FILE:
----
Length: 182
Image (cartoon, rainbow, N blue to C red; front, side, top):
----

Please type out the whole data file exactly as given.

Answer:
Length: 182
Image (cartoon, rainbow, N blue to C red; front, side, top):